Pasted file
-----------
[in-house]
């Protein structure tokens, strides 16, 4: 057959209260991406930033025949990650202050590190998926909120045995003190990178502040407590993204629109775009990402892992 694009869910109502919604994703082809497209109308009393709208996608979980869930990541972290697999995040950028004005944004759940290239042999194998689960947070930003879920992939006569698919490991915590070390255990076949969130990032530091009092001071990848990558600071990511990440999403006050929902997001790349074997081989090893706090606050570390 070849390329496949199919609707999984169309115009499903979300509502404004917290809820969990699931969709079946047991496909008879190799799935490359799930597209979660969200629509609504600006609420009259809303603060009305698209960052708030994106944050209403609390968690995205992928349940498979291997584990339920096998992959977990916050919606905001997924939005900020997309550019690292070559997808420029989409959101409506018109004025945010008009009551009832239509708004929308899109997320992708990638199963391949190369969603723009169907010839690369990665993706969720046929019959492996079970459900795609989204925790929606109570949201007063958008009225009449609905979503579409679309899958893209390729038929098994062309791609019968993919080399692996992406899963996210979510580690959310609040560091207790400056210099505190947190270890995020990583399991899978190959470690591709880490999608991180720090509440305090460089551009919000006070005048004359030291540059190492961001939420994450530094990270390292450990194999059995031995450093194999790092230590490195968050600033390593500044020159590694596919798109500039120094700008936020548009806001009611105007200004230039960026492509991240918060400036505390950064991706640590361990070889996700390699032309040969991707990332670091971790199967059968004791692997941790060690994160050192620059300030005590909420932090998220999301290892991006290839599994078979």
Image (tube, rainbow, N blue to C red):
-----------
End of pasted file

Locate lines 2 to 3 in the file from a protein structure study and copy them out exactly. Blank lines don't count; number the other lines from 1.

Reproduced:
């Protein structure tokens, strides 16, 4: 057959209260991406930033025949990650202050590190998926909120045995003190990178502040407590993204629109775009990402892992 694009869910109502919604994703082809497209109308009393709208996608979980869930990541972290697999995040950028004005944004759940290239042999194998689960947070930003879920992939006569698919490991915590070390255990076949969130990032530091009092001071990848990558600071990511990440999403006050929902997001790349074997081989090893706090606050570390 070849390329496949199919609707999984169309115009499903979300509502404004917290809820969990699931969709079946047991496909008879190799799935490359799930597209979660969200629509609504600006609420009259809303603060009305698209960052708030994106944050209403609390968690995205992928349940498979291997584990339920096998992959977990916050919606905001997924939005900020997309550019690292070559997808420029989409959101409506018109004025945010008009009551009832239509708004929308899109997320992708990638199963391949190369969603723009169907010839690369990665993706969720046929019959492996079970459900795609989204925790929606109570949201007063958008009225009449609905979503579409679309899958893209390729038929098994062309791609019968993919080399692996992406899963996210979510580690959310609040560091207790400056210099505190947190270890995020990583399991899978190959470690591709880490999608991180720090509440305090460089551009919000006070005048004359030291540059190492961001939420994450530094990270390292450990194999059995031995450093194999790092230590490195968050600033390593500044020159590694596919798109500039120094700008936020548009806001009611105007200004230039960026492509991240918060400036505390950064991706640590361990070889996700390699032309040969991707990332670091971790199967059968004791692997941790060690994160050192620059300030005590909420932090998220999301290892991006290839599994078979």
Image (tube, rainbow, N blue to C red):